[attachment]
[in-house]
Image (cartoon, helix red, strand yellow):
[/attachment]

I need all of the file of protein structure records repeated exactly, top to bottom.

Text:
[in-house]
Image (cartoon, helix red, strand yellow):